When choosing an Ob-Gyn, there are many factors to consider beyond the doctor's credentials. The Southwest Washington Medical Center states that an Ob-Gyn has completed both medical school and a residency in obstetrics and gynecology. An Ob-Gyn is trained to care for high risk pregnancies and perform surgery, in addition to taking care of women during a pregnancy and for their baby's birth.
Using Referrals and Online Tools
While a referral from a friend or family member is always nice, it is not always available, especially if you have insurance that requires you to visit an in-network obstetrician. One of the best ways to look for an Ob-Gyn is to start with your insurance company. Although their online database may only tell you that they participate in your plan and where they are located, these are two of the most important factors in choosing your doctor.
The American Congress of Obstetricians and Gynecologists (ACOG) provides an online directory of practitioners in your area. Their search results, however, are limited to just the doctor's name and his or her status within ACOG. You will still need to find out where the doctor practices and delivers and what insurance companies he or she participates with.
Pregnant women will visit the obstetrician anywhere from once a month during the first trimester to every few days as they get closer to their due date. Unexpected visits to the doctor's office in the case of complications are not uncommon. The more high risk the pregnancy, the more visits a woman can expect to make. For this reason, when you are choosing an Ob-Gyn it is important to look at where the doctor is located in correlation to where you work and live.
Not all Ob-Gyns treat patients the same way and some have a more pleasant bedside manner than others. Doctors have differing attitudes about such issues as pain relief, circumcision, electronic fetal monitoring, and family participation at birth. If you have strong opinions about how you want your baby to be born, Dr. Donnica says it is important to find a doctor whose practices best match your desires. On your initial visit when choosing an Ob-Gyn, take a list of questions with you. This will help you get the information you need to make a decision. If you leave your appointments anxious or fearful, perhaps you need to find a physician who will be more supportive of your needs.
Size of the Practice
Many obstetricians operate as a part of a group. The doctors in the group will rotate on-call shifts. The larger the group of doctors in the practice, the greater the chance your doctor will not be on duty the day you deliver. Even if you choose a physician who practices alone, there is a chance you will be faced with a different doctor delivering your baby.
Ob-Gyns understand your concern over this issue. It is not uncommon for a group of doctors to recommend you rotate your regular appointments among the practice to help familiarize you with the doctor who will ultimately deliver your baby.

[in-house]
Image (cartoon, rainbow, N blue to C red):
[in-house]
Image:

Doctors normally are associated with specific hospitals. Before choosing an Ob-Gyn, find out what hospital options you have with that doctor, then visit the hospital before making the final decision on a doctor. Most hospitals will schedule an official tour of the maternity ward with expectant parents. While at the hospital, make sure to check for such things as delivery options, private rooms, accomodations for your partner, and visiting hours. Find out whether they allow rooming in or if they require your baby to be in the nursery.
No matter how many questions you may ask, it is possible you will end up choosing a different Ob-Gyn at some point during your pregnancy. The chemistry between you and your existing obstetrician may be wrong, you may change insurance plans to one that will not cover your current physician, or you may move out of the area. When this happens, it is important to have your medical records transferred to your new doctor. This will help your new Ob-Gyn best monitor your condition and offer the most appropriate medical advice.
Other Options for Pregnancy Care
There are other options for pregnancy and birth care. Family practice physicians sometimes provide prenatal care and birthing services. There are three main types of midwives who provide pregnancy and birthing care. Certified Nurse Midwives (CNMs) provide pregnancy and birth care and assist births in hospitals, home, and/or birth centers. Sometimes they work with Ob-Gyns and sometimes they practice independently. Midwives and CPMs (Certified Professional Midwives) attend births at home or in birth centers and provide prenatal care. They usually work independently as community midwives. Some states license midwives to provide care for Medicaid recipients or to accept insurance payments. Licensure and certification requirements vary by state, but midwives can legally practice in most regions of the United States.
Don't Give Up
Most Ob/Gyns share their practice with several other doctors, so just because you might meet one whom you don't like, don't leave the practice yet. Make your appointments with different doctors in the practice so you can meet them all and ask the nurses who they would recommend. Find out how often that Ob-Gyn is delivering and weigh your options.